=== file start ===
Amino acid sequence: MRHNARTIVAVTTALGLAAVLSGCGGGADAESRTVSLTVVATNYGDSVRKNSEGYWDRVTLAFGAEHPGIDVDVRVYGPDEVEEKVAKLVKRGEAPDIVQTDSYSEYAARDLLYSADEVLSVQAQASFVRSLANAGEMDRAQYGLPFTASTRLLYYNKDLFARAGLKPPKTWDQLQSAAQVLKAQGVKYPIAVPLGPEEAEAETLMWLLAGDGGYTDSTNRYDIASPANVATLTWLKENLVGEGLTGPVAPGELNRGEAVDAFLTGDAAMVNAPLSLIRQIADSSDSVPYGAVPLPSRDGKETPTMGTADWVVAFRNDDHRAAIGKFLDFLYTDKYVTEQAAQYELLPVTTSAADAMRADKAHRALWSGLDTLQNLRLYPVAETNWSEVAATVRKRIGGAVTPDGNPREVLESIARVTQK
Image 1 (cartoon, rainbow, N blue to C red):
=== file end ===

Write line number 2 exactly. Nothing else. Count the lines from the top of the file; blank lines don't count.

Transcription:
Image 1 (cartoon, rainbow, N blue to C red):